Research Profile and Projects
The Research Training Group (RTG) aims at a holistic and research-based education in applied mathematics and simulation based fluid dynamics. The RTG can rely on well-developed interdisciplinary collaborations between internationally renowned and well-connected senior and junior members of a PI-team from mathematics, climate research & meteorology, engineering and medical imaging. The participants share a profound overlap in scientific interests. This is manifested in many joint activities within the Lothar Collatz Centre, which provides the platform of the integrated interdisciplinary research program of the RTG.
Nine innovative, coherent PhD projects are organized as research topics in the three core areas (M) Modeling, (S) Simulation, and (O) Optimization. Based on the team's core expertise, the RTG concentrates its research on MSO-mathematics, with application focus on computational fluid dynamics.
Area M (Coordination: Prof. Gasser). Research area M collects projects that have a clear focus on modeling in specific application areas and combines the design of mathematical models with numerical algorithms for their (approximate) solution. Adequate numerical algorithms typically exploit properties of the mathematical models for gaining efficiency. On the other hand numerical representations are required to conserve the physical properties of the modeled problem to ensure validity of computational solutions. Moreover, goal-oriented strategies directly adjust the discrete algorithm to the modeled question at hand. Topics and PhD-themes in this research area address challenging mathematical research questions referring to accurate modeling and analysis of thermo-fluid dynamics (M1), hierarchical modeling (M2), and numerical modeling with adaptive discretization concepts (M3). The team gathers researchers with comprehensive and complimentary skills in the analysis, modeling, and numerical simulation of complex problems. Scientific progress in this area will be facilitated through a strong collaboration between experts on the modeling and the algorithmic components.
- M1 (Thermal Convection) - Heat Transport in thermal convection
- M2 (Solar Plant Modeling) - Model-based design of solar thermal power plants
- M3 (Adaptive Modeling) - Optimized refinement criteria for adaptive modeling of transient flows
Area S (Coordination: Prof. Le Borne). Efficient and reliable implementations of simulation processes
require a thorough understanding of techniques combining adaptive discretization & approximation
efforts together with advanced solution procedures on the one hand, and on the other hand, of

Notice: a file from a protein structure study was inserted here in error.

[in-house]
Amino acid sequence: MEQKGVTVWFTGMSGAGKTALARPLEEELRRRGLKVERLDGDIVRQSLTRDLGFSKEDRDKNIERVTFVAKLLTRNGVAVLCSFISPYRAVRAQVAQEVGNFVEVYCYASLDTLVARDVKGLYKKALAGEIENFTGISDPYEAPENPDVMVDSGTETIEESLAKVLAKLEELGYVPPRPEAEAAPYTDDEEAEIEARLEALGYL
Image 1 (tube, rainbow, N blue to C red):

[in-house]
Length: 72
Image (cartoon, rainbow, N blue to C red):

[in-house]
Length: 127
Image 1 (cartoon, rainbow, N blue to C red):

current and future high-performance computing (HPC) aspects. The projects in this research area
develop novel adaption strategies for kernel-based approximations (S1), simulation strategies for
large-scale inverse problems (S3), and develop tailored preconditioning techniques for large-scale fluid dynamic applications (S2). An efficient use of these technologies usually requires not only a mere re-editing of software parts, but necessitates re-thinking of the employed mathematical approaches and algorithms.
- S1 (Adaptive Kernels) - Adaptive kernel-based approaches for fluid flow simulations
- S2 (Preconditioning) - Preconditioners for RBF-FD discretized fluid flow problems
- S3 (Blood Flow) - Blood Flow modeling and estimation by magnetic particle imaging
Area O (Coordination: Prof. Rung). Within the DFG Scientific Priority Programs 1253 Optimization
with PDE constraints and 1962 Non-smooth and Complementarity-based Distributed Parameter
Systems: Simulation and Hierarchical Optimization significant progress towards efficiently solving
optimization problems subject to constraints involving distributed parameter systems have been
achieved. It is now timely to mathematically improve the developed techniques in the direction of
the challenging applications this RTG is tailored for. The interaction of mathematical modeling,
optimization techniques and applied scientific computing is crucial in order to achieve this goal.
The projects in research area O cover the two essential ingredients of an optimization process. On
the one hand adjusting PDE models to measured data and on the other improving designs towards
optimality based on these calibrated models. In particular, the projects aim at developing novel
mathematical concepts related to PDE constrained optimization techniques for shape design and
data-assimilation. Shape optimization examples refer to two-phase flows around free- floating ships, modeled with diffusive phase-field approaches which will include fluid-structure interaction (O2), as well as aerodynamic shape design based on Euler and Navier-Stokes equations using efficient hardware architectures (O3). Data-assimilation is devoted to meteorological applications, in particular for global ocean modeling (O1). With the composition of the research team in area O, we
combine mathematical expertise in the field of PDE constrained optimization with engineering and
geophysical competence in challenging fluid dynamic applications.
- O1 (Data Assimilation) - Continous Data Assimilation for Ocean Modeling
- O2 (Ship Optimization) - CAD-free adjoint shape optimization of floating vessels
- O3 (Shape Design) - Scalable algorithms for shape design and interface identification